Marshall University Proposed Teleconferencing Purchasing Standards
Teleconferencing at Marshall University has the potential to grow rapidly as the cost of the technology decreases. However, there are significant university resources that go into ensuring that these systems continue to operate in a coordinated fashion and serve the needs of students and departments and fulfill the mission of the university. As each new teleconferencing system is added to the campus network it requires configuration of supporting infrastructure such as networks, firewalls, gateways, and the MCU.† Once a system is installed on campus routine maintenance, ongoing testing, and software upgrades are necessary. It is essential that each of these teleconferencing systems is configured and maintained properly so that systems remain compatible.
For each installation, Networks must assign IP addresses, establish Quality of Service, and make changes to the firewall.† The University is using a Cisco Pix Firewall series 515.† To implement H.323, a fixup protocol command on port 1719 and 1720 is used. Polycom and Tandberg codecs use different fixed ports to pass H.323 traffic and those ports have to be opened on the firewall for the IP address of that codec.† The ports for the Polycom codecs and Accord/Polycom MCU can be altered but the ports on the Tandbergs are fixed and can be obtained from your Tandberg reseller.†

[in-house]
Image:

ITVS is the primary support service for teleconferences and maintains the Marshall University Distance Learning Video Network (DLVN). Under normal circumstances when a there are problems with a teleconference, staff will access the video CODEC remotely to run diagnostics, modify settings, and even reboot the system.† The DLVN standard PolyCom system has a very functional and controllable remote interface that makes troubleshooting quick and easy. The Tandberg systemís interface is much less functional and has limited diagnostics. ITVS staff cannot provide an acceptable level of remote support for the Tandberg products without additional software or a significant investment in time that is not available during teleconferences.
Manufacturers now commonly accept the H.323 video standard and systems of different manufacturer can interoperate. However, each manufacturer modifies the standard slightly to add feature sets such as collaborative tools, far end camera control etc. As a result add on features between manufacturers do not interoperate well. In addition, video quality between systems of the same manufacturer is far superior to quality between different manufacturers.
All teleconferencing codecs should be approved by ITVS prior to purchase by any university division and any bid placed for teleconferencing systems will specify the use of the University standard Codec, currently the PolyCom product line. This would not prevent departments from using outside vendors to design and install classroom configurations but would limit those configurations to a Codec that the university can support and build into a standard network configuration.